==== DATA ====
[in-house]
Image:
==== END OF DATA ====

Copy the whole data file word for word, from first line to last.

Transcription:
[in-house]
Image: